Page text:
Malta has been confirmed as presiding nation of the Organization for Security and Cooperation in Europe (OSCE), the world's largest international security organization, for 2024, while senior OSCE officials due to step down have seen their terms extended. Estonia had originally been earmarked to take on the role for 2024.
The announcement was made following 30th Ministerial Council in Skopje, North Macedonia, Friday, and followed a tense week in which Malta was brought in as an eleventh-hour compromise candidate after Estonia's ascension to the post, planned for 2024, was consistently vetoed by OSCE members Russia and Belarus.
One of OSCE's 57 member states is picked to hold the one-year presiding role at the end of each year; the organization, facing questions over its credibility, needed to have this finalized by the end of this week.
North Macedonia as outgoing lead nation made the formal announcement at a meeting in its capital Friday, after Malta had been confirmed earlier in the week at a meeting in Vienna, where OSCE is headquartered.
Estonia did not oppose Malta taking its place and expressed confidence in that country's ability to perform the role, but did not withdraw its candidacy in the face of the Russian veto, either.
Unanimity is required from all 57 nations on which country will hold the presiding role. Russia stated that it wanted a non-NATO member state to do so.
Malta is a member of the EU, but not NATO.
Outgoing OSCE Chairman-in-Office, Minister of Foreign Affairs of North Macedonia Bujar Osmani, said: "Our ability to come together now and forge consensus among all 57 participating states reveals, once more, the importance and efficacy of building agreement through negotiation and compromise on behalf of our common goals and objectives."
"Despite our differences and disagreements, we have shown the strategic vision required to continue our constructive efforts toward implementing and applying the OSCE's competitive advantages through the work of its executive structures to the benefit of all our people," Minister Osmani went on.
Malta will begin its term as OSCE chair nation on January 1, 2024.
In his remarks, the Maltese Minister of Foreign Affairs and incoming Chairman-in-Office Ian Borg emphasized his country's willingness to assume the mantle of leadership.
"The unanimous vote by all 57 countries is a testament to our joint commitment to continue strengthening our organization and, despite all the challenges we are currently facing, ensure that this organization remains robust. The OSCE was created upon shared principles and values. It is an inclusive platform for effective dialogue and we will make sure to keep strengthening it," he went on.
The foreign minister of a presiding country takes on the chairperson-in-office role for the year; this would have been Margus Tsahkna, had Estonia been approved.
In addition to its non-NATO status, Malta has been praised over its mediating role in both the Russia-Ukraine war and the Israel-Gaza war.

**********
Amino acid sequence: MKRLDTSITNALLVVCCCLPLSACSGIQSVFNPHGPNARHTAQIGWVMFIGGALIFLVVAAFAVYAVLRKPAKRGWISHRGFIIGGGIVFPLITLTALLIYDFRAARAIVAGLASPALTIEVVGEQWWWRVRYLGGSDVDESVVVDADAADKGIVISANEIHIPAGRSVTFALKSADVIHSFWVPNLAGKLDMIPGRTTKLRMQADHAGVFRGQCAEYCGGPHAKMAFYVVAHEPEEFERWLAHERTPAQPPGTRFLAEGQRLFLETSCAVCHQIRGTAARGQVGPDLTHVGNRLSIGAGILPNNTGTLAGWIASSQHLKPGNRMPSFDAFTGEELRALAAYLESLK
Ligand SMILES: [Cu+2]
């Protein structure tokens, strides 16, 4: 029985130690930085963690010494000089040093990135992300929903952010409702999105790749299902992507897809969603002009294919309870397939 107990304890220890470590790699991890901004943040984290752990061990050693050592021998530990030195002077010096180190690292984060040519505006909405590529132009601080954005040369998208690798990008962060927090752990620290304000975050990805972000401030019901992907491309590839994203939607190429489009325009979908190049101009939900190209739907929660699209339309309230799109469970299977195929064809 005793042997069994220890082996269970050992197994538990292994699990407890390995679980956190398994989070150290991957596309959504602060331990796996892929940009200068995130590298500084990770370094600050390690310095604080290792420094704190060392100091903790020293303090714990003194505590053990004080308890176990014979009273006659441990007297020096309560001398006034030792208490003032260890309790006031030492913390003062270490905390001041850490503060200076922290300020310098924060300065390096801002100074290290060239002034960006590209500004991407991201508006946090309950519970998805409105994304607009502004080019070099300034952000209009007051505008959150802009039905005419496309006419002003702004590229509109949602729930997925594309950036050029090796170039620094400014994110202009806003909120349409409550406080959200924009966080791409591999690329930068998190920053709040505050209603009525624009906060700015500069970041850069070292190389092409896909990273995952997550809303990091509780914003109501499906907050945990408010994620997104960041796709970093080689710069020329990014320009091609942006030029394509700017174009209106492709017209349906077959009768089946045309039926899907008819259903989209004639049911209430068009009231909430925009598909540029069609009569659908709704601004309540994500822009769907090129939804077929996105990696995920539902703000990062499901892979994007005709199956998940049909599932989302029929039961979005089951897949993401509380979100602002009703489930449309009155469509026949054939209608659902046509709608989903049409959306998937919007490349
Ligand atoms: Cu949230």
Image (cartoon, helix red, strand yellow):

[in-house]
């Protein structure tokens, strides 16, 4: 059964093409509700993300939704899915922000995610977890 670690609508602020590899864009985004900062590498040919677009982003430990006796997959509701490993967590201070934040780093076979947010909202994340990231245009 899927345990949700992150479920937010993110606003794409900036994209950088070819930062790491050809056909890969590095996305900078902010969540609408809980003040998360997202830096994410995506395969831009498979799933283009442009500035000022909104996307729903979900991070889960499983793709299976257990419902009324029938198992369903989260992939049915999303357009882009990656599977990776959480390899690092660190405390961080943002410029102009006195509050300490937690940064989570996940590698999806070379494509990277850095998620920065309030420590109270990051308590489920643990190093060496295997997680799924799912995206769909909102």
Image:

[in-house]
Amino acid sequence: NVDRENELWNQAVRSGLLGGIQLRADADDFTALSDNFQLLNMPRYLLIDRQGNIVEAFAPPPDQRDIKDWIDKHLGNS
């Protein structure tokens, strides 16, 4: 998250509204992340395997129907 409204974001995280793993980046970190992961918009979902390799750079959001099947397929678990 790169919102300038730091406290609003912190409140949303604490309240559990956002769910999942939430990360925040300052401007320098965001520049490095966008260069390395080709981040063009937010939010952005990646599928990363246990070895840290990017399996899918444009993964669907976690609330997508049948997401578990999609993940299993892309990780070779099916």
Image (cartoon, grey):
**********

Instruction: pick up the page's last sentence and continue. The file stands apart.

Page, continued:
Additionally and with time running short, the OSCE Secretary General Helga Maria Schmid saw her term extended to September 2024. She and three other top officials had been due to step down at the end of this year, and their replacements had been the other issue which still had not been resolved earlier this week.
Representative on Freedom of the Media Ribeiro and High Commissioner on National Minorities Kairat Abdrakhmanov also saw their terms extended to September 3 next year; Director of the OSCE Office for Democratic Institutions and Human Rights Matteo Mecacci was also appointed Friday.
Secretary General Schmid said: "Over the past three years I have seen how very much this organization has to offer.
"All that we do – whether working to tackle corruption and organized crime or monitoring elections, enhancing the safety of women journalists or training border guards on human rights standards – is in support of people across our region and beyond. The OSCE has been and remains a quietly powerful force for change."
"In the current circumstances, finding common ground on any topic is a challenge. The decisions made by participating States here in Skopje will enable this work by and for the people of the OSCE region to continue to support stability, security, and human rights."
Outgoing chair Osmani also stressed that the organization "can do even more to prevent conflicts and mitigate the fallout of armed conflict," adding that "we need this Organization to foster multi-lateralism and facilitate cooperation, so people can live freely and enjoy normal lives."
Estonia declined to attend the Skopje meeting over the attendance of Russian Foreign Minister Sergey Lavrov, and was joined by Latvia and Lithuania, and subsequently Poland and Romania, in the boycott.
Formed after the adoption of the Helsinki Final Act in 1975 during a period of Cold War rapprochement between eastern and western blocs, and headquartered in Vienna, OSCE is a northern hemisphere-only, security-oriented intergovernmental organization with 57 member states. Its tasks include arms control, the promotion of human rights, overseeing the freedom of the press and free and fair elections.
Editor: Andrew Whyte